Then, just as the two horses reached the mile marker—and only a half mile from the finish line, everyone heard the sound of a loud crack – Ruffian stumbled. She had snapped the sesamoid bones on her right foreleg. However, she still remained in the race – struggling with her jockey in a valiant attempt to reach the finish line.
Doctors went to work right away to operate on the leg. Ruffian was given an anesthetic during the operation. An orthopedic surgeon and four veterinarians worked on Ruffian, and sealed the injury in a cast. The prognosis looked hopeful until Ruffian woke up. Disoriented from the anesthetic, Ruffian lashed out, causing more damage to her elbow and undoing all the efforts made during the operation. Knowing that nothing could be done to save Ruffian now, the decision was made, by her owner, to put her down.
Ruffian’s Last Resting Place
Ruffian was buried near the flagpole in Belmont Park, with her nose directed toward the finish line. She died on July 7, 1975. She had set or equaled a new stakes record in each of the 8 states races she had won. She had run each race from 5 1/2 furlongs to 1 1/2 miles, and she had an average winning margin of 8 1/3 lengths. The world will probably never see a filly who can match the records set by the ebony horse known as Ruffian.
Running the Distance
This story makes you think about why some horses, like Ruffian, can be trained to run longer distances while other horses are sprinters. A filly’s or colt’s ability to run longer is based on their genetics, and, as they say, good breeding.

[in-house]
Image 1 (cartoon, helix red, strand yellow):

What is it about a horse, like Ruffian, that makes her a winner on the race track? It takes a combination of good form, speed, and strength, and the “heart and will” to want to run. It all sums up in sheer determination – a strong desire to move ahead of the pack and reach the finish line.
Some horses, like Ruffian, can excel in athletic activities because their muscles depend on a sustained supply of oxygen. Others excel at fast bursts of speed, using the oxygen stored in the muscles’ cells. The sprinter is anaerobic while the distance runner is aerobic. The racehorse that goes the distance must put forth a sustained effort and a relentless need to be a winner on the track.
When owners evaluate racehorses, they may ultrasound the heart or scope them. Scoping determines if a horse has a smaller throat, and therefore tells them about the air intake. However, checking the nature of the heart and respiration are insignificant when it comes to the horse’s “racing” personality. While some horses look athletically suitable, they may not go the distance like a less impressive looking animal.
A horse usually takes a breath during every stride—in and out—as a natural response because of the mechanics of the lungs. While some horses can experience an oxygen debt and catch their breath later, other horses use oxygen in a more sustainable pattern.
What Do You Think?
What do you think makes a good racehorse? Does it just have to do with genetics and breathing, or is it more than that? Do you think Ruffian should have been retired instead of entered into that final match? Ruffian had already sustained a break early in her career. Do you think that should have been considered when scheduling the match race event?